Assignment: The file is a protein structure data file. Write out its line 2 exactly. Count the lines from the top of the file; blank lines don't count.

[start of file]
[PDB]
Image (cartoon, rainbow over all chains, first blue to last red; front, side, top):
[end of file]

Image (cartoon, rainbow over all chains, first blue to last red; front, side, top):